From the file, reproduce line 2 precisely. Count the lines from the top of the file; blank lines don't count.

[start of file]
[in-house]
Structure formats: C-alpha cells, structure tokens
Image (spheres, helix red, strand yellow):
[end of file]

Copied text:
Structure formats: C-alpha cells, structure tokens